Different types of birthmarks:
What are birthmarks?
Birthmarks can be divided into two categories; vascular and pigmented. Read more about each specific birthmark below.
How do you get birthmarks?
Vascular birthmarks are an accumulation of blood vessels under the skin and range from pink to red or bluish in color.
Pigmented birthmarks result from an abnormal development of pigment in the skin and are black, brown or bluish.
80% of babies are born or develop a birthmark in the first few months of life; some are temporary and other permanent.
Different types of baby birthmarks
(Nevus flammeus nuchae) is present in 25-50% of newborns and is usually temporary.
- It is one of the more common birth marks.
- It is usually a flat pink or red birthmark that appears on the neck, eyelid or forehead, baby can be born with it or it may appear in the first few months after birth (see images of birthmarks)
- It is caused by a group of blood vessels that dilate just under the surface of the skin.
- The color might darken when baby cries or with room temperature changes and it may fade when you push on it.
- Doctors can quickly diagnose it with a visual diagnosis.
- Most newborn birthmarks will fade by 18 months, if the birthmark is still visible by 3 years of age it can be removed with laser surgery.
- Neck birthmarks in babies will usually not go away.
Angle kisses (Salmon patch)
(Midline nevus flammeus) is present in 15% of newborns.
- It is a vascular birthmark and is usually a birthmark on eye or forehead of babies (see photos of birthmarks)
- For cause, diagnosis and treatment see stork bites.
(Nevus flammeus) only about 1 in 300 babies are born with this.
- Is usually a birthmark on the face but, can occur anywhere on the body, It gets it's name from the red or purple color that resembles port wine.
- It starts off as a flat pink mark at birth and grows in size and color intensity with passing years. (see pictures of birth marks)
- The skin can become raised and hard as well
- It can also be a sign of a syndrome such as Sturge-Weber syndrome or Klippel-Trenaunay-Weber syndrome.
- It is a vascular anomaly and part of the arteriovenour malformation disorder, where the dilated capillaries are deeper in the skin than those of stork bites and angle kisses.
- A skin biopsy is necessary for diagnosis and in some cases the doctor may do an X-ray of the scull.
- The most effective way of treating and lightening PWS is the flashlamp pumped dye laser.
- The neodymium YAG laser is used to treat nodules in adult birthmarks.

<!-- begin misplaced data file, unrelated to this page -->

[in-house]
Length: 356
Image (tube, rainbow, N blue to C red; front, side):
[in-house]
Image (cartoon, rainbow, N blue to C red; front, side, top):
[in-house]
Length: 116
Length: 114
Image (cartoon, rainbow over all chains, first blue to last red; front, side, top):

- Stains on the face respond better than stains on the body but, 20% of birthmarks may show no improvement at all.
- If the birthmark is close to the eye or mouth, it can cause deformity or loss of function, these complications are only visible later in life.
(Melanocytic nevus) only one in a 100 babies get born with moles.
- Usually appears in the first 20 years of a person’s life and Moles can be subdermal (under the skin) or a pigment growth on the skin.
- They are formed mostly of a cell named melanocyte and the dark color is caused by the collection of pigment in the spot.
- Doctors can diagnose with a visual test or by using a dermatoscopy.
- Moles that change color could be a cause for concern… read more on cancerous moles here.
Café au lait
Found in 20-50% of newborns.
- Their name is French meaning milky coffee as they are brown birth marks and they are also called giraffe spots or coast of maine spots.
- 6 or more spots before puberty measuring 5mm or after puberty measuring 15mm may be Diagnostics feature of...Neurofibromatosis type 1, McCune-Albriht syndrome, Legius syndrome, Tuberous sclerosis, Fancni anemia, Idiopathic, Ataxia telangiectasia, Benign congenital skin legions, Bloom syndrome, Chediak Higashi syndrome, Congenital naevus, Gaucher disease, Hunter syndrome, Maffucci, -Multiple mucosal neuroma syndrome, Watson syndrome, Wiskott-Aldrich syndrome.
- To diagnose a doctor will measure and count the spots and this can be treated with a laser.
- Is most common in dark skin babies. *95-100% of Asian babies *90-95% of East American babies *85-90% of Native American babies *50-70% in Hispanic babies *1-10% of Caucasian babies
- Mongolian spots are flat large birth marks with an irregular shape.
- They are mostly a blue birth mark caused by melanocytes, the melanin is usually found in the epidermis but with these spots, they are in the deeper dermis part of the skin.
- They are found on the buttocks, flanks and shoulders.
- They normally disappear in 3 to 5 years from birth.
- They usually appear in the first few weeks after birth, grow rapidly in size and then slowly start to go white and shrink away by the age of 10.
- They are connected to the circulation system and are filled with blood.
- They can be found on the skin as a raised red spot resembling a strawberry or under the skin as a bluish swelling.
- They are also sometimes found on organs such as the liver or larynx.
- The cause of Hemangiomas are currently unknown.
- Some Hemangiomas may break down on the skin causing ulcerations which can be painful if the Hemangioma is deep within the skin.
- It can cause breathing problems if found on the larynx.
- If found on the eye, it can grow and cause amblyopia.
- In very rare cases the mass may be so big that it causes heart failure.
- If it is situated next to bone it can cause erosion of the bone.
- Beta-blockers can reduce size in infants, surgery for the correction of distorted facial features and dye lasers can help with early lesions and to speed up healing.
By Zelda Behr
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